It is entirely possible that these students come from families with a house and retirement funds, which are not factored into financial aid calculations, but those assets are not easily converted into money to cover expenses. It is also possible that they come from households without any assets. Either way, these students would have a hard time weathering the loss of a job, scholarship or any other financial setback. And that could lead them to drop out of school.
"Pell recipients are a bit more impoverished than ever," said Sara Goldrick-Rab, a professor of educational policy studies at the University of Wisconsin at Madison. "When these students get into trouble, their families have nothing to give them. They have nothing to fall back on."
One in three undergraduates who apply for financial aid qualify for Pell, a federal program that awards money that does not have to be repaid to students from low-income families. Roughly 91 percent of recipients in the 2013-2014 academic year had household income of less than $50,000 a year, and more than half came from families making less than $20,000, according to the Education Department.
In the past two years, the number of students receiving Pell has started to ebb. Fewer students are qualifying as the economy recovers and more people are forgoing college because the job market is better, said Robert Kelchen, a professor in the department of education at Seton Hall University in South Orange, N.J.
Pell, he said, is also less generous than it was five years ago when the Obama administration changed the formula to get money in the hands of more families. The formula has since been reversed and benefits have been pared back, with students no longer getting grants for summer courses.
Even with the economy on the mend, Black and Hispanic students, who make up a growing percentage of the college population, still come from households with far less income and wealth than white students. Nearly two-thirds of African American undergraduates receive Pell funding, as do 51 percent of Latino undergrads, according to the Education Department.
"We have growing inequality that we know exists in terms of wages and salaries," said Margaret Cahalan, director of the Pell Institute for the Study of Opportunity in Higher Education. "When you have a society where half of students are eligible for free and reduced lunch, it should be no surprise that students have no resources when they get to college."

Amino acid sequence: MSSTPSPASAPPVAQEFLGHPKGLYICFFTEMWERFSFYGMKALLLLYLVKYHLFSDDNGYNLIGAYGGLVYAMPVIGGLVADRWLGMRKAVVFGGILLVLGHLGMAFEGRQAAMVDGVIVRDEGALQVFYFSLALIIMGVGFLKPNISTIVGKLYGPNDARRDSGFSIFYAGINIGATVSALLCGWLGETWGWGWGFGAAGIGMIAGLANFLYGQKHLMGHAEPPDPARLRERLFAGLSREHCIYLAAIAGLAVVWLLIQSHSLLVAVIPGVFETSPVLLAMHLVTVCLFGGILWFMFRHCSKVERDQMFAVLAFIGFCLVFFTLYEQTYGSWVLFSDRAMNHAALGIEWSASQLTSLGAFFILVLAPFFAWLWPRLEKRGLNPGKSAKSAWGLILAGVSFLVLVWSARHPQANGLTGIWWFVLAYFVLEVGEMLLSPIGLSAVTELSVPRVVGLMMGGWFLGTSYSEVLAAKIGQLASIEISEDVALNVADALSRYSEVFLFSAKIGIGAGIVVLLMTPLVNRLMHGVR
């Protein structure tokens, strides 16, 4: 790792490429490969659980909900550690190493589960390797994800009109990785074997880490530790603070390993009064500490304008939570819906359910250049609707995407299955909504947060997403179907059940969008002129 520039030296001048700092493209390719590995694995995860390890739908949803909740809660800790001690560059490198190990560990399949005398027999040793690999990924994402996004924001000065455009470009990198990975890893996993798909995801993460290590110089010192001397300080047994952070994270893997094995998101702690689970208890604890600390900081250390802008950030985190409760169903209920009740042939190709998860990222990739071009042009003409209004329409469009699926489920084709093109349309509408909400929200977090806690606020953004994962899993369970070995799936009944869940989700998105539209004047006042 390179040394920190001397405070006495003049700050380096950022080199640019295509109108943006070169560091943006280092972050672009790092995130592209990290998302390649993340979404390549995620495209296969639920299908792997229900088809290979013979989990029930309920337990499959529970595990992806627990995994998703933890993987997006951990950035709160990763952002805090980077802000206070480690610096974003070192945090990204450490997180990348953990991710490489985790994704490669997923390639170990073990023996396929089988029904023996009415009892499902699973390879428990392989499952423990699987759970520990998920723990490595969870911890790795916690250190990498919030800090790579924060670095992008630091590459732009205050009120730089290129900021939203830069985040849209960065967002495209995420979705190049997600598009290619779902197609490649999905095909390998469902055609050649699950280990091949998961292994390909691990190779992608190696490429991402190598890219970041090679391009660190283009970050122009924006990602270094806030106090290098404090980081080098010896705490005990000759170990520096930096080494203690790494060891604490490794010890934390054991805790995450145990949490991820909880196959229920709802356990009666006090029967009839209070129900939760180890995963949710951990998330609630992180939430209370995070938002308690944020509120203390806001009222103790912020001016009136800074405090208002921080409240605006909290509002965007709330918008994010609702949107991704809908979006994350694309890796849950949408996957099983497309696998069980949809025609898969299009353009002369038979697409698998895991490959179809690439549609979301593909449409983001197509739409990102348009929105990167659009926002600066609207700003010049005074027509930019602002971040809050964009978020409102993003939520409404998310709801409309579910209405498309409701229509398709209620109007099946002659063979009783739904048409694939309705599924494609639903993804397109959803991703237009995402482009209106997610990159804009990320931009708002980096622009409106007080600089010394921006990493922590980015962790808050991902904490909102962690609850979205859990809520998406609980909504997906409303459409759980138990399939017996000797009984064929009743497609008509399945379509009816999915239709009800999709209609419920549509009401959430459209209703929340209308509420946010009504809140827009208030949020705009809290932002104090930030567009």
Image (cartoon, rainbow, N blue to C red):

Goldrick-Rab said Pell recipients may be a lot worse off than the data shows because of the way the government calculates financial aid. The FAFSA form, which is used to determine aid, does not ask questions about debt. It also judges the expected contribution of a family living below the poverty line the same as one teetering on the edge, masking the full extent of aid a student might need.
Nine out of 10 Pell recipients who graduate from four-year colleges have student loans and owe on average $4,750 more than their peers, according to the Institute for the College Access and Success (TICAS). These students have few choices but to borrow as states are cutting need-based aid and Congress is threatening to do the same.
Twelve states and the District now spend more on scholarships and grants that are based on academic achievement instead of financial need, according to the National Association of State Student Grant and Aid Programs. Middle- and upper-income students who can afford college prep classes and tutors disproportionately benefit from merit-based aid, meaning students with the means to pay for college are getting more money than those without.
Meanwhile, congressional Republicans are supporting a budget plan that would eliminate guaranteed funding for Pell, which advocacy group the Committee for Education Funding said could result in the maximum award declining by 15 percent. Even at its current level, with maximum awards topping $5,775 per school year, Pell covers barely a third of the cost of college, according to TICAS.
"We're going to see college completion rates go down if these policies continue," Goldrick-Rab said. "Folks are trying college and quickly finding out they can't afford it."
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